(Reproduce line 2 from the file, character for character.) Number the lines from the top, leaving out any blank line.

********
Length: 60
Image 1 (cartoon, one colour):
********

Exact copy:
Image 1 (cartoon, one colour):